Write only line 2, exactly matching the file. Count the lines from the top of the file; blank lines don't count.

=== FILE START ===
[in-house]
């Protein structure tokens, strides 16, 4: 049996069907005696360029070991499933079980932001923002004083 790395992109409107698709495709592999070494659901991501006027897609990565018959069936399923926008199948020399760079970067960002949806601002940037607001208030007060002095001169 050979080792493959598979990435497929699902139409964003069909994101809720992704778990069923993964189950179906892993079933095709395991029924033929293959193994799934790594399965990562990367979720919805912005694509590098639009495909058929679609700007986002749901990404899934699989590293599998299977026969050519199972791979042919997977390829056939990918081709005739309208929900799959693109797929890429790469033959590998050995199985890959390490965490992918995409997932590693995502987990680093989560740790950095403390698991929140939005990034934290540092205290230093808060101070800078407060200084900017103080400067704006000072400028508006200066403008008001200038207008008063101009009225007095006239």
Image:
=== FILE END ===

């Protein structure tokens, strides 16, 4: 049996069907005696360029070991499933079980932001923002004083 790395992109409107698709495709592999070494659901991501006027897609990565018959069936399923926008199948020399760079970067960002949806601002940037607001208030007060002095001169 050979080792493959598979990435497929699902139409964003069909994101809720992704778990069923993964189950179906892993079933095709395991029924033929293959193994799934790594399965990562990367979720919805912005694509590098639009495909058929679609700007986002749901990404899934699989590293599998299977026969050519199972791979042919997977390829056939990918081709005739309208929900799959693109797929890429790469033959590998050995199985890959390490965490992918995409997932590693995502987990680093989560740790950095403390698991929140939005990034934290540092205290230093808060101070800078407060200084900017103080400067704006000072400028508006200066403008008001200038207008008063101009009225007095006239």